There's also the cartoonish villain, Lady Ashby. I'll admit it's refreshing to have a novel where the hero is stalked by a crazed, possessive ex-lover, but she's not a character, she's a collection of evil traits sewn up in a bag of skin and blond hair. It's not enough to have her be jealous of Derek. No, the author has to make her a sexual deviant so kinky she makes even the jaded Derek blush, who has countless abortions because she doesn't want to get fat, who ruins debutantes' lives for the fun of it, etc. I'm sure Lisa Kleypas would have written in a scene where she kicks puppies if it wouldn't have strained the novel's wordcount.

The novel loses its Stupid around the midway point - Sara learns a bit of common sense from her near gang-bang - but makes up for it with a surplus of Boring. Derek mopes and sleeps with Sara lookalike-hookers. Sara tries to make it with her fiance, Perry - who sadly morphs from a gentle but boring lad into a full-on condemning mama's boy. Oh, yes - heaven forbid the romantic rival should be a good, consistent, or realistic character. That would suggest that there is a sentient, reasonable human male in the world who finds the heroine undesirable! That cannot be borne! Any man who doesn't want to marry the purely pure candy floss Sara must be wrong in the head, evil, and/or gay!

The novel dissolves into scenes of shopping trips, Craven's sickeningly cutesy Smug Married friends meddling where they're not wanted, over-the-top evil Lady Ashby antics, lots and lots of pointless sex - and an 11th hour climax. Not a word of which was unexpected. I suppose the fault is mine in supposing that Dreaming of You might be different from Lisa Kleypas' other books, that if I just keep reading, I'll eventually find the Kleypas book that fulfills all the promises her fans make about her storytelling ability. But the fact is, like C.L. Wilson and Nalini Singh - I just plain don't like her writing.

Oh well.


  1. It's been a long time since I read this--and I know I read this because, like you pointed out, it's Kleypas' masterpiece. And that Derek Craven is *the* hero to end all heroes.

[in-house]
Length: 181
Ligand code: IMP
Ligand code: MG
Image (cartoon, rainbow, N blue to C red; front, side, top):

And I remember feeling like something was wrong with me because I totally couldn't get the Craven Lust.

    But that's all I remember. Huh.

    Also, glad to have read this post. You were near-hysterical with your vitriol on Twitter, haha.

  2. Anonymous12:05 AM

    "retroactively neutered into goodness"

    Sigh. How true it is. -- willaful

  3. I have been decidedly underwhelmed by several highly favored Kleypas offerings as well, including this one and Again the Magic, which I think set you off as well.

    It's too bad that you didn't read either of my keeper Kleypas novels (as far as I know) before calling your moratorium. I think that you might have actually enjoyed Where Dreams Begin or Worth Any Price, although the signature Kelypas melodrama is still well accounted for.

  4. *heavy sigh* It seems you didn't 'feel' this one or Lisa Kleypas in general. Alas. But that's what makes the romance reading community so interesting. One person's A is the next persons C.
    Although in DoY's defense - if I may *g* -it was first published in 1994, sixteen years ago now, and was slightly revolutionary for it's time - a non titled hero.

  5. Please tell me your heart didn't melt a little when Sara finds out Derek kept her glasses in his pocket and the way they kissed in the garden?

    I love love love this book. It's all about Derek and his inability to see how special he is and he can be loved and the woman who comes along and turns his world upside down.

    Not even the ending where Derek thinks Sara is dead didn't make your heart go pitter patter?

    Don't read Devil in Winter then. Sebastian is much worse than Derek.

  6. Wow Animejune - tell us how you really feel! LOL!!

    Once again, an excellent review - I'm glad I wasn't drinking anything when I read it or it would have cleaned my sinuses.